The first significant United States Gold Rush took place in Cabarrus County, North Carolina, in 1799 at the present day Reed’s Gold Mine. In 1799, Conrad Reed found a 17-pound yellow “rock” in Little Meadow Creek on the family farm in Cabarrus County, North Carolina. The “rock” was used as a door-stop for 3 years until a jeweler identified the “rock” as a large gold nugget! Reed had no idea of the value of the gold and sold it to the jeweler for $3.50. The actual value of the nugget at that time was around $3,600. Sounds like the jeweler got a pretty good deal!
Google Earth is a powerful user-friendly satellite imagery viewing program. It is a very useful tool for finding gold locations. Combined with the downloadable add-ons, Google Earth could easily be your main research tool for planning your gold prospecting adventures. I use this tool myself when plotting out my next prospecting trip to a new area. I have found myself using Google Earth with the add-ons I’m about to share with everyone almost daily. All of the following tools/resources are totally free!
The sluice box is one of the oldest and most efficient types of placer gold prospecting equipment. The common sluice box dates back as far as the 1300′s. The name of the inventor is unknown. It was widely and most commonly used during the Gold Rushes of the 1800′s. In the 1800′s sluice boxes were commonly known as Long Toms. The Long Tom sluice got its name from being so long. Generally any sluice over 6 feet was/is referred to as a Long Tom. There is no documentation as to why someone came up with the idea, but if I had to guess I would say it was to reduce labor and process more material. Panning sure does take a toll on the back!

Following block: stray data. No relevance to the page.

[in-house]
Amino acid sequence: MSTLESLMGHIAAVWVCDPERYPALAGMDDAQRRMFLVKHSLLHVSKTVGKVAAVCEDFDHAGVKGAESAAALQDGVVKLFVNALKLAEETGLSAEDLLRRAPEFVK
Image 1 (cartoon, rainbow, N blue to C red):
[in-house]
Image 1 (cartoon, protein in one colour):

Alabama, Georgia, Tennessee, North Carolina, South Carolina, Virginia and West Virginia contain recreational gold prospecting locations. Some states located in the Southeast do not contain recreational prospecting areas for the public. If your state does not, you can jump over to the Clubs page to see if a club you can join owns any land available for members to gold prospect.
Jump over to the Clubs page to see if there is a GPAA or private gold prospecting club near you. All the clubs listed are very friendly and eager to accept new members! There is a club in each gold-bearing state in the Southeast so if you are not a member, be sure to go to the website and find a club near you today.
By Damon Hargroves